When buttering, you can tell just how supple and springy the bread is. It doesn’t dent or lose its shape when you apply the knife, nor does it cut up in any way. It isn’t too dry, isn’t too soft – to quote Goldilocks, it is just right. Take a bite and the first thing that hits you is how well the bread blends with the butter. You can’t taste too much of either. This holds true when you are eating a sandwich too. There is nothing worse than eating a sandwich where the filling comes second to the bread and all you can taste is a dry, floury and quite bitter taste. This complements the filling or butter, rather than compete for space with it. It is soft, fluffy, fresh and light. In some of the loaves, the crusts are dusted with flour, and although this can sometimes be a bit dry, the moistness and texture of the bread make up for this. You do not get an overpowering taste of yeast or flour – they are there, but at a level which is enjoyable. I sometimes find with other brands, a slice of bread can be too emulsified (see, I’m learning the technical language here!). It almost gels too well together, so that when you bite into it, it flattens the bread and makes it chewy, rather than breaking off in fluffy chunks. A bitten or ripped piece of bread should show the tear marks, not have a clean edge.
It doesn’t dry out your mouth, and it doesn’t take too long to chew. More importantly, for white bread, it doesn’t leave you bloated when you’ve had a few slices. It also scores highly on versatility. Some loaves of bread make good toast but not good sandwiches. This makes excellent toast, the best I’ve ever had, and can stand up to a barrage of fillings. Believe me, as a growing lad (of 25 years), I am partial to plenty of filling between two slices (insert your own rude joke here). Be it a ploughman’s lunch, a bacon and egg or a ham salad sandwich, this bread holds it all in and, as I said earlier, doesn’t compete for taste with the filling.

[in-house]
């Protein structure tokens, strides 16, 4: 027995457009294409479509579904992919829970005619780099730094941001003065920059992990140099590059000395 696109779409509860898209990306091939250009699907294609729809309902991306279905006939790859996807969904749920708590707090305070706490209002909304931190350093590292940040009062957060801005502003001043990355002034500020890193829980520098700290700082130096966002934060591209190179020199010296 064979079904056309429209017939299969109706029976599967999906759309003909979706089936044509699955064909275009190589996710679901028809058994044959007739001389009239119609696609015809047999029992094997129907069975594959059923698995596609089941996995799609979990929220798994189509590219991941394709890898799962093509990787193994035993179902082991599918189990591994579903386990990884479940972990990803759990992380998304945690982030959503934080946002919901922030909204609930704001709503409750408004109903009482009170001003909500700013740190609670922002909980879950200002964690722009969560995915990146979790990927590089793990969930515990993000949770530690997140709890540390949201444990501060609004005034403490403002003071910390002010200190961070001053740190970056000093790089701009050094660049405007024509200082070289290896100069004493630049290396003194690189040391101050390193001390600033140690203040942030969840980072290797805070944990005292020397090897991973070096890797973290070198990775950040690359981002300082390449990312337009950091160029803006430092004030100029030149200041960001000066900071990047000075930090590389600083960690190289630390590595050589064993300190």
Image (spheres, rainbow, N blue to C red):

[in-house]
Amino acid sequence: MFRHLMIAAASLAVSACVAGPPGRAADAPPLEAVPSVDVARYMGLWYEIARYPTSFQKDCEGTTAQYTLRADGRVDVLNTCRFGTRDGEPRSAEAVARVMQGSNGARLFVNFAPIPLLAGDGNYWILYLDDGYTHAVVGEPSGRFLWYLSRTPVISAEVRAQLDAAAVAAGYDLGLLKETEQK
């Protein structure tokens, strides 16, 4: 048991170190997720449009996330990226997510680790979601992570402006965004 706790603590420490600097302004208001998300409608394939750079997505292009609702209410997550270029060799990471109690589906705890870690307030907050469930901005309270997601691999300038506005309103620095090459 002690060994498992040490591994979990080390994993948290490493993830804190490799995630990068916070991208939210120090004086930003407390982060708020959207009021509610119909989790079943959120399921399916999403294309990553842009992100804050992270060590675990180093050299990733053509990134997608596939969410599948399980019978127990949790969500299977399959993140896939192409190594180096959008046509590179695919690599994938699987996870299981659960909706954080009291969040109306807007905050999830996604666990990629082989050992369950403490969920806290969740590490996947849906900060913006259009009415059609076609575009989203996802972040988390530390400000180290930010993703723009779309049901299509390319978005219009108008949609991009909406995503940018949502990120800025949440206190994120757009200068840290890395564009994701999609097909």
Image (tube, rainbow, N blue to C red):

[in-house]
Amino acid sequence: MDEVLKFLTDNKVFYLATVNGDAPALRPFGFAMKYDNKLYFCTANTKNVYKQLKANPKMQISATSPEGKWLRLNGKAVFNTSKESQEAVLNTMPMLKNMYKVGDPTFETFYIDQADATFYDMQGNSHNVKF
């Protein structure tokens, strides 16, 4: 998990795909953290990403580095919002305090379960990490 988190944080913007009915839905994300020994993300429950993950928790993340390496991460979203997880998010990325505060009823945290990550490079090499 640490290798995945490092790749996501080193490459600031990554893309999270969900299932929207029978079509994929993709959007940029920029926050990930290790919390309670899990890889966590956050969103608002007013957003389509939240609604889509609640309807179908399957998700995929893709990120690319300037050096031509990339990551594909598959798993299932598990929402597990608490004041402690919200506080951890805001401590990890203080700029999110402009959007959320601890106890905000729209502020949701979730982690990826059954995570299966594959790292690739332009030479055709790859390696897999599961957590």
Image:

Some people really enjoy eating the end crusts, and I’m one of them. I like it with plenty of butter, but find other brands to be very heavy at the end of the loaf. With Asda Bakers Gold though, the end crusts retain that freshness and lightness which is characteristic of the other slices. My other half likes picking the loaf without the crusts on the sides of the slices, as she thinks it tastes even lighter. But as I need hairs on my chest, I get the crustier ones.
Obviously, packaged sliced bread isn’t going to be able to match the taste of freshly cooked bread rolls from a restaurant or any of the more exotic varieties. But there again that is not its market. For Asda Bakers Gold, its competitors are going to be the likes of Hovis or Kingsmill, and for my money it beats both. Taste wise, it is the best bread since sliced bread, and at 65p per loaf I don’t think you can get better value, particularly taking the nutritional information into consideration.
And there was me worried about what to review next. The simple things are the best, and if you can get a little education, entertainment and a well placed joke about the mother in law into the review too, then all the better!